First impression on unpacking the Q702 test unit was the solid feel and clean, minimalist styling.
How does a developer decide on a mobile platform?
- — 09 July, 2008 16:33
I'm developing mobile applications — for the iPhone. Considering all of the mobile platforms available to programmers, why would I select the development platform for the Apple device when I could have chosen Symbian, BlackBerry, or Android?
Let's look at my options.
Symbian, of which there are multiple flavours, has been around for about 10 years, and yet there has been no substantial uptake of the mobile Web. Now owned by Nokia, it will be open-sourced so that may change, but I'll wait and see here.
The BlackBerry is primarily an e-mail device, though it does offer browsing and other applications. Tools are available for development, but it uses Java ME applications, which have a very limited user interface. And the market opportunity is only about 16 million subscribers versus 206 million Symbian devices over the same timeframe. The low subscriber growth rate limits the value of the platform for me.
Android, from Google, is a completely open platform that has the potential to provide most of what the iPhone does. But it isn't real yet, and there are no devices available to test how well it works in real life. With no current subscriber base, it would be a huge risk to develop for what is essentially a non-existent product at this point.
Then there is the iPhone SDK, only available on the Mac, and only capable of building applications for a very small though rapidly growing market of devices right now, with over 6 million in use so far.
I could have picked Symbian, BlackBerry or Android. I could have written software with a minimalist user interface — a watered-down lowest common denominator -- for a fragmented array of mobile devices. And they all provide a Java development option, so my life would have been much easier. But the iPhone SDK has a much bigger advantage.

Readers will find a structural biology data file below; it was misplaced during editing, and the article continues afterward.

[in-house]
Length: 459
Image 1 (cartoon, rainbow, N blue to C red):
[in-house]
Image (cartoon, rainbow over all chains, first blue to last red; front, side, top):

Since Apple owns the hardware and the operating system, they have created an experience on the iPhone that is virtually identical to that of the Mac. And they have also provided the ability to leverage existing Mac development on the iPhone by providing virtually the same Cocoa Framework as that of the Mac. If you know Mac development, you can develop for the iPhone, or you can easily port your existing code. I haven't developed on the Mac in over a decade, but I was able to pick it up in a couple of days.
And the iPhone has already changed the mobile landscape. iPhone use of the Internet is much higher than that of other smartphones, and far exceeds that of the market in general. Google sees 50 times more search requests coming from iPhones.
The iPhone is going to be the platform that makes the mobile Internet real and usable — essentially a mobile computer — which will drive the adoption of new mobile applications. Once you've touched the screen to follow a link in the exceptionally readable browser, you know that this is the standard by which all future mobile phones will be measured.
My choice was a simple one. I merely selected the platform that has already redefined the mobile phone market. And besides, have you seen the iPhone? It is seriously cool. After all, once you get past all the logical reasons for selecting a platform, every developer wants to work on the cool one.
Larry Borsato has been a software developer, marketer, consultant, public speaker and entrepreneur, among other things. For more of his unpredictable, yet often entertaining thoughts you can read his blog at larryborsato.com.